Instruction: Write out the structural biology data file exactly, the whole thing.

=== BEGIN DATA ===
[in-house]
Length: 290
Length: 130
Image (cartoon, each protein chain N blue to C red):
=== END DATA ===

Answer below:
[in-house]
Length: 290
Length: 130
Image (cartoon, each protein chain N blue to C red):